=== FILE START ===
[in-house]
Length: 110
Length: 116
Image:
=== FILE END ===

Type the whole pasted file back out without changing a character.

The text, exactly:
[in-house]
Length: 110
Length: 116
Image: